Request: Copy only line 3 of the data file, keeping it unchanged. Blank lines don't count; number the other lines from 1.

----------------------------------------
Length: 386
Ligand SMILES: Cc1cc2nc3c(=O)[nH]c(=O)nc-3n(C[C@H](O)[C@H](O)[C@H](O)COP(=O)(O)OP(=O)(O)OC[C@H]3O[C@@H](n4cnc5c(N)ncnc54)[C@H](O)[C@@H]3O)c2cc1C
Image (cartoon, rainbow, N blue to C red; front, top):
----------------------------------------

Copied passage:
Image (cartoon, rainbow, N blue to C red; front, top):